Darkness In James Baldwin
The Darkness in James Baldwin's "Sonny's Blues". "I stared at it in the swinging lights of the subway car, and in the face and bodies of the people, and in my own face, trapped in the darkness which roared outside." (par. 1). The streets of Harlem hold a sense of inevitable doom in the short story "Sonny's Blues" by James Baldwin. Even before the story reaches its inciting incident darkness has overtook the readers mind.
I found myself bound to the eerie baseline of the story as the narrator took mental trips back in time to desolate places ridden with hopelessness. Sonny's love for Jazz seems to be his only way to cope with Harlem's system of oppression. He subsequently falls into a deep love affair with heroin when he finds himself alone and without companionship. The narrator takes us on a vivid journey of the hardships of Harlem life, jazz, and drugs.
He also focuses on how real love will allow you to accept people for who they see themselves to be.In the beginning of the story, the narrator really shows how evident darkness is by explaining how it affects the children he really isn't connected to: "All they really knew were two darknesses, the darkness of their lives, which was now closing in on them, and the darkness of the movies, which had blinded them to that other darkness, and in which they now, vindictively, dreamed, at once more together than they were at any other time, and more alone." (par. 5). He does this so we can realize that his family isn't the only ones who are affected by the darkness. He shows how they are blinded to their darkness by even more darkness. They could be blind to their future, to opportunities that will allow them to break free and mobilize in a positive way.
This shows the despair the narrator has towards his community and ultimately his brother.The darkness is rooted at a young age; the narrator makes a point to show how it's evident in the consciousness of children: "Maybe there's a kid, quiet and big-eyed, curled up in a big chair in the corner. The silence, the darkness coming, and the darkness in the faces frighten the child obscurely. He hopes that the hand which strokes his forehead will never stop - will never die." (par. 82).
Also how the child fears the day they will personally encounter it: "And when lights fill the room, the child is filled with darkness. He knows that every time this happens he'd just move a little closer to that darkness out-side." (par. 83). Darkness is a constant threat in "Sonny's Blues". Heroin is Sonny's darkness; it keeps him blinded by the thought that using helps him play the piano, his way of seeing the light.
He uses darkness to get to light.The breeding place for this darkness is the Harlem Housing projects. No matter if you knock them down and rebuild, it will remain: "But houses exactly like the houses of our past yet dominated the landscape, boys exactly like the boys we once had been found themselves smothering in these houses, came down into the streets for light and air and found themselves encircled by disaster." (par. 73). The projects were built in the illusion of a good and clean life (par.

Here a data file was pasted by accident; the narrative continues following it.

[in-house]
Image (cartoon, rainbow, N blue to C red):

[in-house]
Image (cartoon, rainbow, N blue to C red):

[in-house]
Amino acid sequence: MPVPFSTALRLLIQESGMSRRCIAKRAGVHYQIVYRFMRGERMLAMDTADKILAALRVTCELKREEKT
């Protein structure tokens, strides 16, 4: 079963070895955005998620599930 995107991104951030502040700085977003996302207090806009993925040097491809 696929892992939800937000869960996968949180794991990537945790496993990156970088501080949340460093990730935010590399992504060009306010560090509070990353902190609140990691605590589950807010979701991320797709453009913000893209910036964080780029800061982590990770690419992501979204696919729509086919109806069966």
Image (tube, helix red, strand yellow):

75). Sonny and the narrator both tried to flee and escape by way of the Armed Forces, but that wasn't enough to keep them from Harlem. They returned to a place plagued with people who accepted their environment for what it was, and this ultimately determined their fate."And then there are some who just live, really, in hell, and they know it and they see what's happening and they go right on.
I don't know" (par. 205) Sonny then realizes that there are some people who know the way they live is detrimental to their health, but for some reason they continue to live the way they do. In the following quote Sonny shows how he doesn't understand why they would choose to live in a hell that has a light right above the exit door. "Some guys, you can tell from they play, they on something all the time. And you can see that, well, it makes something real for them.
But of course," he picked up his beer from the floor and sipped it and put the can down again, "they want to, too, you've got to see that. Even some of them that say they don't - some, not all."In the final paragraph of "Sonny's Blues", the narrator realizes that his brother has found his light through the darkness. He describes a glass sitting on top of Sonny's piano, "then, as they began to play again, it glowed and shook above my brother's head like the very cup of trembling." (par.
241) According to some sources the image of the cup trembling comes from the Bible, where the cup of trembling is used as a symbol to describe the darkness that has plagued the people. "Awake, awake, stand up, O Jerusalem, which hast drunk at the hand of the Lord the cup of his fury; thou hast drunken the dregs of the cup of trembling, and wrung them outâ€¦ Behold, I have taken out thine hand the cup of trembling, even the dregs of my fury; thou shalt no more drink it again: But I will put it into the hand of them that afflict theâ€¦" (Isaiah 51.1) As a musician, Sonny takes all his suffering and that of those around him and transforms into something beautiful.
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